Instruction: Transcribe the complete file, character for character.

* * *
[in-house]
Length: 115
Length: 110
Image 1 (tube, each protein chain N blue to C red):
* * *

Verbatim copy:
[in-house]
Length: 115
Length: 110
Image 1 (tube, each protein chain N blue to C red):